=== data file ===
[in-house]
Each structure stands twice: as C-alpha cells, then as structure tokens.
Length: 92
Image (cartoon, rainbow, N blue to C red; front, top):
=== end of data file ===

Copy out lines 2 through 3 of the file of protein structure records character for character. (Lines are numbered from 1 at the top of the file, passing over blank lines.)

Each structure stands twice: as C-alpha cells, then as structure tokens.
Length: 92